A more competent and comprehensive view of healthcare costs should include the less easily measured issue of "quality of life."
Dr. Jones wants to use a specific eye drop for bacterial conjunctivitis in her 5 year-old patient. Sally is very uncomfortable; she is highly contagious and will not be allowed back in the classroom in her present condition. Her mother has already missed too many days of work this year and, oh yes, Sally is in a play that takes place in a couple of days.
Dr. Jones has specified that a fourth generation Fluoroquinolone be used because, compared to cheaper alternatives (and that's the rub) head-to-head studies demonstrate that it works better, quicker, does not sting, is easier to use, more readily reduces contagion, has a higher conjunctival concentration, and for various reasons, is less likely to induce resistance.
The insurance company balks
Why doesn't Dr. Jone's opinion about therapeutic efficacy matter? Why, in the calculus of healthcare, doesn't the opportunity cost* weigh in the insurance company's decision? For that matter why don't these issues weigh in on public policy and healthcare reform?
Clearly, there are real costs beyond visits, tests, and treatment, and I believe they should be considered in outcome studies, quality assessment, episodes of care (EOC) analysis (all care over time, regardless of setting for a diagnostic grouping) and reimbursement. In fact, this factor or consideration may be as important as acuity adjustment when we are trying to be fair and pay reasonably for healthcare.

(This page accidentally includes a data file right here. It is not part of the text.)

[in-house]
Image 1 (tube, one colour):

Should practitioners be compensated when bureaucratic interference (eg, prior authorizations) increases the cost of healthcare or when the insurance company causes us extra work by only allowing coverage of bad tasting, inconvenient, or hard-to-use or even potentially dangerous drugs, such as cheaper ear drops that are potentially ototoxic?
A more competent and comprehensive view of healthcare costs should include the less easily measured issues of "quality of life" outcome measurement and management and "opportunity cost." The former is usually defined as quality-adjusted life-years (QALYs); the latter, for the purposes of this discussion, is the excess in time and money spent because the insurance company, through parsimony as opposed to quality of care concerns, interfered with reasonable and timely medical care.
*Opportunity cost is the time and money of the activity you would not have had to give up were the originally intended activity carried out.